1. Notify the beneficiaries and heirs of the trustor(s) and keep them reasonably informed.
  2. Inventory all trust and estate assets as well as any debts or obligations of the trust/trustor(s).
  3. Obtain appraisals of the trust assets. In particular, it is important to complete the appraisals to calculate any taxes owed as well as to determine any step up in basis in the assets.
  4. Obtain a tax identification number for the trust and open a trust account to manage the trust’s cash, pay the bills on behalf of the trust/trustor(s), and to ensure proper record keeping.
  5. Pay all outstanding liabilities and any taxes owed.
  6. Allocate and/or distribute the trust assets per the terms of the trust.

Tips to Avoid Inheritance Disputes with Beneficiaries

  1. Make sure and follow the trust language and California Probate Code relating to trustee’s duties, as well as the management and distribution of the trust assets.
  2. Communicate with the beneficiaries. Good communication between the trustee and beneficiaries can avoid a multitude of issues that could potentially arise.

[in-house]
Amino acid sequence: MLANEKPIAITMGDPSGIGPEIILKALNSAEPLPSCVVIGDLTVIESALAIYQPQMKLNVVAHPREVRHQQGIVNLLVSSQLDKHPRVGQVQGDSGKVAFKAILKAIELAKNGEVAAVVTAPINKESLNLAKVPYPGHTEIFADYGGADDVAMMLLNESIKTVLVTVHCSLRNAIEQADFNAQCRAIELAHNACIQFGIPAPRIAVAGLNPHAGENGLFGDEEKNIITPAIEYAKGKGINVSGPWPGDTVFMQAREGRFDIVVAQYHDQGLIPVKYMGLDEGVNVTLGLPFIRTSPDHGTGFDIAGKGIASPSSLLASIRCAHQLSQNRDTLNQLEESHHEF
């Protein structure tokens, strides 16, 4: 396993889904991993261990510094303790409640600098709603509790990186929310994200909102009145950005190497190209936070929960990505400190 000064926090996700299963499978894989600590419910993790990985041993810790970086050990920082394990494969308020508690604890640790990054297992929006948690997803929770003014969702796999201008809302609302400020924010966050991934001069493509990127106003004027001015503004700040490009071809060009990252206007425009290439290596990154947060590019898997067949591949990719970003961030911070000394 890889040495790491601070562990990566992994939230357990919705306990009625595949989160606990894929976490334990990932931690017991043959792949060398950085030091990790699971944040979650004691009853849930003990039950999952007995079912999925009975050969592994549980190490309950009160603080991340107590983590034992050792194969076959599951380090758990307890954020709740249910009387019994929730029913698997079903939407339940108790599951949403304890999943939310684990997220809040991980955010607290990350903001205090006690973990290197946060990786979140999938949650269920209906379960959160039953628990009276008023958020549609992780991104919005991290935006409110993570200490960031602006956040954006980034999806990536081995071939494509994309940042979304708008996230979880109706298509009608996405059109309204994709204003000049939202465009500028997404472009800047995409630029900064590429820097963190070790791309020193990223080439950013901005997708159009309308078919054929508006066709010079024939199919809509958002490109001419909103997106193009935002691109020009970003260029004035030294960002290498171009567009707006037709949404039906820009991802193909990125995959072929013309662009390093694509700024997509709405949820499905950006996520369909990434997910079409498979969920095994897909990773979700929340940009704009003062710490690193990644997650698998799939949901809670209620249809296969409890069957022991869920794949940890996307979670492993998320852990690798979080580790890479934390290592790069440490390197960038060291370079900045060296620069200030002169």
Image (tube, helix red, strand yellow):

3. Keep good records and provide copies to the beneficiaries.
  4. Make sure to withhold enough of the trust estate to ensure final expenses, taxes, etc. are taken care of before making the final distributions.
  5. Managing and distributing a trust can be complicated, especially with trusts involving numerous investments, properties, numerous beneficiaries in which case it can prove both emotionally and financially beneficial to seek experienced legal counsel regarding the administration of the trust.

    During the difficult time after losing a loved one, an experienced estate planning attorney and trust administration attorney will help alleviate some of the stress by helping with your trust administration needs. Because the administration of a trust can be complicated with several deadlines to meet, hiring a competent trust administration attorney to walk you through the process and avoid potential inheritance disputes down the line.

We Look Forward to Serving You and Wish You the Best

Contact us directly to speak with someone who can help and answer your questions:
(949) 501-4800
Or send us a private email at the link below and we will respond promptly:
info@lawandstein.com

The Law & Stein Newsletter is a monthly publication to share useful information with our clients in matters of estate planning, tax planning inheritance dispute litigation, elder abuse, probate and business litigation, and premises and product liability defense.

Written by Christina B. Yee, Esq., Law & Stein LLP

See this link for a printable version of our September 2020 newsletter >

CategoryLegal Advice